Independent contractors can be electricians, graphic designers or residential painters, just to name a few. Depending on your business, there are several coverage types to customize for independent contractor insurance.
A business owners policy (BOP) is a solid start. This typically includes business general liability insurance, business income insurance and business property insurance. Then you can add customizable coverages.
Basic independent contractor insurance coverage types
Commercial general liability insurance – Independent contractors liability insurance covers your business in case of injury or property damage lawsuits. For example, you could accidentally damage a client's property.
Business interruption insurance – If a problem covered by the policy, such as theft or fire, causes you to temporarily close or relocate business, this helps cover expenses. It can also help replace some lost business income.
Commercial property insurance – This covers your building and its contents. It typically also covers outdoor fences and signs. Contents might include tools, equipment, computers and office furniture. Some independent contractors run their business out of their homes. You may want to think about contacting your home insurance agent about an "in-home business endorsement." Keep in mind, the endorsement might have lower policy limits than a business policy.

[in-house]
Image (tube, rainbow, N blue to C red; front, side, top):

Additional independent contractor insurance coverage types
Depending on your business and the services you provide, it's a good idea to speak with a business insurance agent to identify the insurance types that best cover potential problems. Here are some common coverage types for independent contractors.
Professional liability insurance
This covers you in case of lawsuits claiming you did not provide promised or expected services. For example, a client might say you did not complete a job to their expectations. Also known as errors and omissions insurance, this typically includes the cost of a legal defense, judgments and settlements, even if the claim has no merit.
Commercial auto insurance
This covers the vehicle you drive for work. For example, you might drive to appointments or transport work to a client. Personal auto insurance typically doesn't cover accidents while working.
Equipment breakdown insurance
If your business relies on key pieces of equipment, such as power tools or computers, this helps cover the cost to repair or replace broken equipment. It also helps replace some lost income if business was interrupted.